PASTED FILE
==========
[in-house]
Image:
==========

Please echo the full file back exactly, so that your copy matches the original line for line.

[in-house]
Image: